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To the manse born

What happens when the house of God is also your home? Children of the manse Wendy Alexander and David Steel talk to Alan Taylor.

The first thing to remember about Presbyterianism, Alexander says, late one afternoon at Labour’s Glasgow headquarters, is that it is founded on the tradition that we are all equal in the eyes of God. “As an individual, it’s not about what you achieve but who you are that is important in life.” Secondly, she adds, there is the centrality of the parish which the minister serves. “In that sense, the children of the manse grew up in an environment where building community is what’s going on around your family life all the time.”

Though she and Gordon Brown shared the same faith and traditions, Alexander emphasises that her upbringing and her experience of life in a minister’s household was quite different. Born in 1963, she spent her first seven years “living above the shop” at Community House, the Glasgow base of the Iona Community. Winters were spent in the city while in summer the family decamped to Iona, the cradle of Scottish Christianity. Every week in Glasgow, in the room immediately below the family flat, there were meetings of War On Want, Gamblers Anonymous and Alcoholics Anonymous. “I would come home from school in primary one and lay the table for the lunch for homeless people, which was held every single Wednesday.”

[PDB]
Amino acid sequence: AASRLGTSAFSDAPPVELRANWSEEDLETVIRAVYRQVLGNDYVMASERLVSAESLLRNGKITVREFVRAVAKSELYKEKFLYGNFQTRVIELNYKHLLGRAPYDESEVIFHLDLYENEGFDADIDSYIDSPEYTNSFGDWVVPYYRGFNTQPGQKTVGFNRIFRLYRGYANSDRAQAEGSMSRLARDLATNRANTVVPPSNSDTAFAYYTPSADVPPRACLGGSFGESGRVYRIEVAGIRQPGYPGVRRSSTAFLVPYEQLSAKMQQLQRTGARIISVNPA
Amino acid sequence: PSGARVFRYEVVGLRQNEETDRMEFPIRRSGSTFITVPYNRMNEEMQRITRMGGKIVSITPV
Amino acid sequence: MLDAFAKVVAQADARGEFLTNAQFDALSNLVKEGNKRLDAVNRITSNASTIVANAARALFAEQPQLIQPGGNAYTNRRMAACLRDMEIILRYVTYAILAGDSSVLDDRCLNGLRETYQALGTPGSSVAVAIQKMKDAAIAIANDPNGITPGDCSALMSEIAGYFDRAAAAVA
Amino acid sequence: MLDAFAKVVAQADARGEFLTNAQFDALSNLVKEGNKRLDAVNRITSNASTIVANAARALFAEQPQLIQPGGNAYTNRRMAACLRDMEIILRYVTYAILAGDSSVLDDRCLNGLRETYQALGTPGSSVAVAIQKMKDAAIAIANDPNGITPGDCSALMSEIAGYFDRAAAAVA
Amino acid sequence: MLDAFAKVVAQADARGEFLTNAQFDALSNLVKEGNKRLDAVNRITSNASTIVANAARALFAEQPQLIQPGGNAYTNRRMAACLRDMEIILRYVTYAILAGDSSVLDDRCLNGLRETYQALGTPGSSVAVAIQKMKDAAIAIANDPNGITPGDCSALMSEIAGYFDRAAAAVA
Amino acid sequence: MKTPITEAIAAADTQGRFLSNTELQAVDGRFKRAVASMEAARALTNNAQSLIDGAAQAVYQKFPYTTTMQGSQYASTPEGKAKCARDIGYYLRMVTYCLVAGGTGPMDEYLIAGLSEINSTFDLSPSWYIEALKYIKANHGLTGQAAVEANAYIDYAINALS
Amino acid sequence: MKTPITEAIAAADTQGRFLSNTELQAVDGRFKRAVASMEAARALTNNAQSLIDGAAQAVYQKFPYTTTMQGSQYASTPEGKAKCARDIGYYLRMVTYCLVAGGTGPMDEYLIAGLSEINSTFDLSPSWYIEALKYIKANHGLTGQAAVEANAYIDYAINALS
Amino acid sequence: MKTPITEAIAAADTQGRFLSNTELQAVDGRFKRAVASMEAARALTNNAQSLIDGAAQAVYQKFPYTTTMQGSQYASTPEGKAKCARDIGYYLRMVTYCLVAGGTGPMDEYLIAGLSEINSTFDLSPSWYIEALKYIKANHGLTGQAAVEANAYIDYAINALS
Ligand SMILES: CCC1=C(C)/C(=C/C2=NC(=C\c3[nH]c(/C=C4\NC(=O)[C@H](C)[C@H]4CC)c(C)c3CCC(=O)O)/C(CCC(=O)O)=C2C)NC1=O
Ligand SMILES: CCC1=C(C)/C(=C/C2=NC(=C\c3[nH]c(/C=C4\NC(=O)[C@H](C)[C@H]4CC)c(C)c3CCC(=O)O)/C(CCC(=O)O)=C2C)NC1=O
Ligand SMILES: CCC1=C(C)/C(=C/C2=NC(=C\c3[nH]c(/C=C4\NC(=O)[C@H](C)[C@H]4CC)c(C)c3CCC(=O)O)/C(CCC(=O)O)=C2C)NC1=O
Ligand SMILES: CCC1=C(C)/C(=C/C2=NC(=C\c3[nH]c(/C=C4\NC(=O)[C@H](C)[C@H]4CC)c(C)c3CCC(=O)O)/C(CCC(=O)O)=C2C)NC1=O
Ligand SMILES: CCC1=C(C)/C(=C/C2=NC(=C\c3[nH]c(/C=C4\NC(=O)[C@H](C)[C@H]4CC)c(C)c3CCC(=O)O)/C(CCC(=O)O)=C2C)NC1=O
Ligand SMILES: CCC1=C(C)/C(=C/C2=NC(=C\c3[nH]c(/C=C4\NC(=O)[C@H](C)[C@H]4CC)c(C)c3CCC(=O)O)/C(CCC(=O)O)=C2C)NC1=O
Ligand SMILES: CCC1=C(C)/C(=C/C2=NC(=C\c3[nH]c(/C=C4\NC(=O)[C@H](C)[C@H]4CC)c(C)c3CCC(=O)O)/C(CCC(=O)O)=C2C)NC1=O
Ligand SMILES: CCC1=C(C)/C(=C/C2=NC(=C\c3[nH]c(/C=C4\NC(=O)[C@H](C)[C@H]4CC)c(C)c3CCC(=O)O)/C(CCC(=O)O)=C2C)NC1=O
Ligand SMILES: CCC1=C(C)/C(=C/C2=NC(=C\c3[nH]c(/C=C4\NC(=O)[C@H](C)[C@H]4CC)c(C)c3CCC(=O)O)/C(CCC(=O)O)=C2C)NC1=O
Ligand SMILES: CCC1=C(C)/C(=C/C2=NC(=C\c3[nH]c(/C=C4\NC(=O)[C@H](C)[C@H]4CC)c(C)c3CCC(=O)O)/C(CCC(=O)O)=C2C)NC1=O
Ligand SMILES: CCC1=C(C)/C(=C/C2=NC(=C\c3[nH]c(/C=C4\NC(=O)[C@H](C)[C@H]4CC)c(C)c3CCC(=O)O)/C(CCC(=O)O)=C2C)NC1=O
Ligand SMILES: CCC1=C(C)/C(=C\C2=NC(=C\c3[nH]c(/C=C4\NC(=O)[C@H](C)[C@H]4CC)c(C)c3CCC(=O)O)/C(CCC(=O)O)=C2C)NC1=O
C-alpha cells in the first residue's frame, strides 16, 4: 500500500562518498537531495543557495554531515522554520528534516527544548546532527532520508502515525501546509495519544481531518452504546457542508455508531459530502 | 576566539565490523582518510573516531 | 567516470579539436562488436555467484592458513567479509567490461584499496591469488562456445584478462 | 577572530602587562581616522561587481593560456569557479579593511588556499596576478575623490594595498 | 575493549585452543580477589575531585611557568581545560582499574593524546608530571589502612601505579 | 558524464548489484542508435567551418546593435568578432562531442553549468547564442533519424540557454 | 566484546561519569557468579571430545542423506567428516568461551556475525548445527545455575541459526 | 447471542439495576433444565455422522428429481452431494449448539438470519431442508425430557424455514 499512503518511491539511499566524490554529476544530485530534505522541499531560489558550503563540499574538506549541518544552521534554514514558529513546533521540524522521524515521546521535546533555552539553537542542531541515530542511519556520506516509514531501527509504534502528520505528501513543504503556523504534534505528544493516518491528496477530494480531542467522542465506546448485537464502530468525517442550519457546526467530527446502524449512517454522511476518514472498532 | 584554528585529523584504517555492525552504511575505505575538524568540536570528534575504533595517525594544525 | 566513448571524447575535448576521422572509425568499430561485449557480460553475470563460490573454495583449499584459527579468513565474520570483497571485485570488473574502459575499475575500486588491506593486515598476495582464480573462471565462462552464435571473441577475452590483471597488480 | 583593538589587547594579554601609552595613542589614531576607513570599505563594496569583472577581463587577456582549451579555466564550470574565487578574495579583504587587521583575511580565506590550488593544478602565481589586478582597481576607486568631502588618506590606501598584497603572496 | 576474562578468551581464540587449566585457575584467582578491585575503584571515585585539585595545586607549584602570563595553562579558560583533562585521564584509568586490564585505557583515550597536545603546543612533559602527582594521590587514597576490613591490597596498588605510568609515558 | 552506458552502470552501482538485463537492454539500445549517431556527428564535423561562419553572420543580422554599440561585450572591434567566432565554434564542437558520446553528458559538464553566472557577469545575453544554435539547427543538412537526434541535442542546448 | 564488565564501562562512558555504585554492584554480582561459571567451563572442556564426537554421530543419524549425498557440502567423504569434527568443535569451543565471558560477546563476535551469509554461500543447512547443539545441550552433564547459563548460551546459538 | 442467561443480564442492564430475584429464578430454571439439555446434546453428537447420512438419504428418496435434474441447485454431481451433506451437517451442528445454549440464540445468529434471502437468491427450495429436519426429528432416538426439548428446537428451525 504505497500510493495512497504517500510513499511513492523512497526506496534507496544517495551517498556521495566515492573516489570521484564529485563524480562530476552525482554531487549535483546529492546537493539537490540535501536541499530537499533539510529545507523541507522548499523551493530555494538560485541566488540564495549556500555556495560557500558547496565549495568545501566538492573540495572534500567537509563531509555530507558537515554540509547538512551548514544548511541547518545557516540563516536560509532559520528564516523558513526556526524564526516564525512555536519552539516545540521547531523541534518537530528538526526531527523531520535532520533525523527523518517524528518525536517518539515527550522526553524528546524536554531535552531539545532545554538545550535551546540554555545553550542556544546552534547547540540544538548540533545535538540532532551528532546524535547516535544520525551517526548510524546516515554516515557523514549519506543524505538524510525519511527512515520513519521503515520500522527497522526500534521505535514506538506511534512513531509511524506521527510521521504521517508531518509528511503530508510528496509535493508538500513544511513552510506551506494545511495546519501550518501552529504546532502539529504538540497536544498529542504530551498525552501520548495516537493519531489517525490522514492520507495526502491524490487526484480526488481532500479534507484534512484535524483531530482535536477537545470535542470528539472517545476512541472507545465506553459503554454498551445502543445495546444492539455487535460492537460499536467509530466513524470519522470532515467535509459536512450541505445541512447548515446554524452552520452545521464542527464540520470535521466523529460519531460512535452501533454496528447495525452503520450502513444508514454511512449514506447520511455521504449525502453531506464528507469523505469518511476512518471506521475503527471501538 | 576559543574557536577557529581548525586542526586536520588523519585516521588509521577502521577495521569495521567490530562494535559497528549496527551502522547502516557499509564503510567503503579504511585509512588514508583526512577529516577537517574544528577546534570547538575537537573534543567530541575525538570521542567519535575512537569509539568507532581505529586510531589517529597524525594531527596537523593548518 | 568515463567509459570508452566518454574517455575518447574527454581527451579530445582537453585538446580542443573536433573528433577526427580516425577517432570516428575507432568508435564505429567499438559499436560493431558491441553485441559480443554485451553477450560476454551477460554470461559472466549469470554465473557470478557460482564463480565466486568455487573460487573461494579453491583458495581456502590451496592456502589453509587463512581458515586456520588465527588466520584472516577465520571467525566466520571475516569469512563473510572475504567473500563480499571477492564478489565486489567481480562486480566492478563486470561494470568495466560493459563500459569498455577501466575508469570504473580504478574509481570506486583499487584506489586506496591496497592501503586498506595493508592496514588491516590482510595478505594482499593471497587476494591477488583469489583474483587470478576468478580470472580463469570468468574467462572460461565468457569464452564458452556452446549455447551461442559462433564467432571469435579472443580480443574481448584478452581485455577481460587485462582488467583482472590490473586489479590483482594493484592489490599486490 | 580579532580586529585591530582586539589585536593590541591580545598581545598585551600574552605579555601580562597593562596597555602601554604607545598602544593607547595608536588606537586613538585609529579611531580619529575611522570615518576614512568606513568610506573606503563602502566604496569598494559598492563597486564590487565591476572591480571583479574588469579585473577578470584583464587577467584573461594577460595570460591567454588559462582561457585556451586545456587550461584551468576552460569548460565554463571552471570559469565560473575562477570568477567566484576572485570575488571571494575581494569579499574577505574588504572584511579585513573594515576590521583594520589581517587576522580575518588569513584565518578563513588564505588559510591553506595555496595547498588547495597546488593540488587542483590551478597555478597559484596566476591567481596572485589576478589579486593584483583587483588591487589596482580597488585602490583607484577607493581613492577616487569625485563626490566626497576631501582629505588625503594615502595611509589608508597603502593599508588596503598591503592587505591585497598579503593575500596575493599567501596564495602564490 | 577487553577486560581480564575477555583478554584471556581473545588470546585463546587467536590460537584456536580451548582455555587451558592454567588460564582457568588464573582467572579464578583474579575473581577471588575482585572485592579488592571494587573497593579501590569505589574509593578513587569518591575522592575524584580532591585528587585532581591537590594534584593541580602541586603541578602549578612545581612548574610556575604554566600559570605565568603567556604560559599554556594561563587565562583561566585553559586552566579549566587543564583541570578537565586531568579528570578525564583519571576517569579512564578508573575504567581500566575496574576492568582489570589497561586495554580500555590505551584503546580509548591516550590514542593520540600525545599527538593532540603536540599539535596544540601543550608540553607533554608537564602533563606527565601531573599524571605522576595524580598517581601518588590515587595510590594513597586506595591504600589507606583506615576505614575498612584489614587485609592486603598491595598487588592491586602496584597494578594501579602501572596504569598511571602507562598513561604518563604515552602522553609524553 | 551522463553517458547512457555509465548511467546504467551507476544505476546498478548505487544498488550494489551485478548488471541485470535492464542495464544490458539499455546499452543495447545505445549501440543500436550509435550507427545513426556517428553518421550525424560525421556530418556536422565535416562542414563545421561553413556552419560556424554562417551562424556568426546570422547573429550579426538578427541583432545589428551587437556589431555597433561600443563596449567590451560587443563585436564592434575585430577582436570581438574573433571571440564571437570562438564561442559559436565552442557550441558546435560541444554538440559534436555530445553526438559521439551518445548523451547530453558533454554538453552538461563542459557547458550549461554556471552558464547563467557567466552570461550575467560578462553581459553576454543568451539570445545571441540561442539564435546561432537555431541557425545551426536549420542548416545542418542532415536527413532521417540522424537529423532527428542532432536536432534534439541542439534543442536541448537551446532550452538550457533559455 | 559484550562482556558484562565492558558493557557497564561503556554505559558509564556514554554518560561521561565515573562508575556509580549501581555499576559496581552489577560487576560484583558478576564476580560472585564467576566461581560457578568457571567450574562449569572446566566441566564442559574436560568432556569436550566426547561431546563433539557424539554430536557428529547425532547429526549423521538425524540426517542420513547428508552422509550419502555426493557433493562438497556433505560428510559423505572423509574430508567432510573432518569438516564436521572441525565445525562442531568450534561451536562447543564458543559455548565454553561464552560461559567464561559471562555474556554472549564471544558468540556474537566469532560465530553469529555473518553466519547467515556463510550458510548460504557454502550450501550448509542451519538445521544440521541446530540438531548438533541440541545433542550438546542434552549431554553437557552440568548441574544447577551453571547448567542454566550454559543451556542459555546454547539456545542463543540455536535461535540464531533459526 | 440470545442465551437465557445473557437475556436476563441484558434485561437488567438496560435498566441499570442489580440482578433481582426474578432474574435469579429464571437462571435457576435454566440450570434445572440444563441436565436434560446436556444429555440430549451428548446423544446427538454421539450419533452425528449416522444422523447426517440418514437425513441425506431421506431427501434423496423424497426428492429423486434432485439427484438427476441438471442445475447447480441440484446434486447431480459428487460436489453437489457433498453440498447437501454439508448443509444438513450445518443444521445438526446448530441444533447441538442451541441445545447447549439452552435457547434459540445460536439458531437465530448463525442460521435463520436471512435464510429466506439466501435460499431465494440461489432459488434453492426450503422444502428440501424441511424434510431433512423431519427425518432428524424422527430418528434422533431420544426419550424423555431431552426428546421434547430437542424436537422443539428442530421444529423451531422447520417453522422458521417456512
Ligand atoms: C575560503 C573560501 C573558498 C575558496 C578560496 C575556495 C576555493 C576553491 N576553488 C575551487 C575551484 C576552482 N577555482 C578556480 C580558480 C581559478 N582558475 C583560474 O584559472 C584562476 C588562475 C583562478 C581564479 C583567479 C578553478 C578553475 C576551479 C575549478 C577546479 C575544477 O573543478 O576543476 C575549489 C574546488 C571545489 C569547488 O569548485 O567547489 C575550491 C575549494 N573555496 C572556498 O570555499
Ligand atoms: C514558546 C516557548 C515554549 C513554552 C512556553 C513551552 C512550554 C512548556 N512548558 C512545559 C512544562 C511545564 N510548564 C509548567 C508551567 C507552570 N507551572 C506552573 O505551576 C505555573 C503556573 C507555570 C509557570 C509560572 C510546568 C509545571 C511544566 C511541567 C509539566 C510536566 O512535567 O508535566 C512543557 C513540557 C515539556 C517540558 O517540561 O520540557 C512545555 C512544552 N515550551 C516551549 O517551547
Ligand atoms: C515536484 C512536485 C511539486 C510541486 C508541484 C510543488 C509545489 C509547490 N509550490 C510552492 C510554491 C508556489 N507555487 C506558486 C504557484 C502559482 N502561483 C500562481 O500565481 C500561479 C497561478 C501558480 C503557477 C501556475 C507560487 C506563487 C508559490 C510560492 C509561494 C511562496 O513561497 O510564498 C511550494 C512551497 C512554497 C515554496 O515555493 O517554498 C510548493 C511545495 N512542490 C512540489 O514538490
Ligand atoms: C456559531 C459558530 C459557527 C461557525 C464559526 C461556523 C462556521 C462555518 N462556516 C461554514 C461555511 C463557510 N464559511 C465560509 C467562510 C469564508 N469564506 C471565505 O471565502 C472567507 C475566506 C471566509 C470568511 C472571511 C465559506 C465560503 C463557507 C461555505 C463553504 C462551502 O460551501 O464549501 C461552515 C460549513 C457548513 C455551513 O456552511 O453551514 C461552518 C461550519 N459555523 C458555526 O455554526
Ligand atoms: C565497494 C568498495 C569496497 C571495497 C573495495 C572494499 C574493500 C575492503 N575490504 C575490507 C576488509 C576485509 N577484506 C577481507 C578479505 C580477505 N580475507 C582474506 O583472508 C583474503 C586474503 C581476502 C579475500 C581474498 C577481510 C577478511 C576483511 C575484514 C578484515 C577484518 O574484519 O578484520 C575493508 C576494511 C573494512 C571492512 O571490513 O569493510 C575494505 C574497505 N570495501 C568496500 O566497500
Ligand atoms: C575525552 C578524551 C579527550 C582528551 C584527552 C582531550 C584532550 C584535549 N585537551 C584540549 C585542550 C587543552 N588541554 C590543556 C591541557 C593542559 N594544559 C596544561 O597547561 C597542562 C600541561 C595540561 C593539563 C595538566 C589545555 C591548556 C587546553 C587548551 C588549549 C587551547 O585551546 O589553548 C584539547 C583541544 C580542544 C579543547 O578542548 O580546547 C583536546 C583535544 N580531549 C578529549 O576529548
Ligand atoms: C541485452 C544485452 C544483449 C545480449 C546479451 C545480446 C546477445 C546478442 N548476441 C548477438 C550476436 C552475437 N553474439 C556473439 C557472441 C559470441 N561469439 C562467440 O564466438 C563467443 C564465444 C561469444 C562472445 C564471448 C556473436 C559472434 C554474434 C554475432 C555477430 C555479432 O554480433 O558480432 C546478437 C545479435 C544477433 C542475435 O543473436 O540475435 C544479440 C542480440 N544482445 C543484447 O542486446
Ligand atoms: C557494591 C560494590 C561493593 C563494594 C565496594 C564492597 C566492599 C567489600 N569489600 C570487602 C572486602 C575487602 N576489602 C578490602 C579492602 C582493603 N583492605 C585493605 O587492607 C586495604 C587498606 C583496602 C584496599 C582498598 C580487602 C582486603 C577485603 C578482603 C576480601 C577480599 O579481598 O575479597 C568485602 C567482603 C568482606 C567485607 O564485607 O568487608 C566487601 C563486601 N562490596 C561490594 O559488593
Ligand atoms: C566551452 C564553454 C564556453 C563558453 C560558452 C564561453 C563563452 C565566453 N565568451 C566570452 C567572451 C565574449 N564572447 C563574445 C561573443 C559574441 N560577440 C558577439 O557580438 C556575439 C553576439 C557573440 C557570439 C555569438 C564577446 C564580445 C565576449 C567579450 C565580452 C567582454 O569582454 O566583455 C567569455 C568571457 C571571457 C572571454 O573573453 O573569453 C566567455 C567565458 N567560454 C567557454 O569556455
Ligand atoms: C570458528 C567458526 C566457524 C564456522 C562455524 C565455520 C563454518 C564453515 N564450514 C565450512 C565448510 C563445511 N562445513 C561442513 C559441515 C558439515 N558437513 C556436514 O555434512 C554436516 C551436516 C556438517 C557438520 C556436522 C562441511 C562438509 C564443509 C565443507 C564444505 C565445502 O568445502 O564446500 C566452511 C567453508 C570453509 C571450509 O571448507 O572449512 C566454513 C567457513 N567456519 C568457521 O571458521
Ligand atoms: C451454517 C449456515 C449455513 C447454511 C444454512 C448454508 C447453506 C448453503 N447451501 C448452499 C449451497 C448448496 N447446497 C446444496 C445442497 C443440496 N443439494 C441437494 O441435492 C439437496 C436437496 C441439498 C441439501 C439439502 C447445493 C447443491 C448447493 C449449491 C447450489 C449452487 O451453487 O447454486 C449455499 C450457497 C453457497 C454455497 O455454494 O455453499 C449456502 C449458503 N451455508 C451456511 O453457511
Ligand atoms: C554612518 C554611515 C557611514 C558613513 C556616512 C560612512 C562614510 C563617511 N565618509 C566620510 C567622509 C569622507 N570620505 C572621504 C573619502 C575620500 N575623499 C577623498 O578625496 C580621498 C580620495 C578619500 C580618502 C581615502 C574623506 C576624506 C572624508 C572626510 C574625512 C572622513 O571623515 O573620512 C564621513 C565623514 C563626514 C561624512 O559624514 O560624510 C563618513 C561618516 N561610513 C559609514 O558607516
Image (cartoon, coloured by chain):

• Full story at the Sunday Herald.

‘I was obliged to excel, but not for trinkets or popular acclaim’

It has never surprised me that so many people who work in some sector of public life – politics, television, the stage – are clergymen’s children, writes Sheena McDonald. Growing up in a manse, as I did in the 1950s, instils an unspoken sense of duty.

• Full story at the Sunday Herald.

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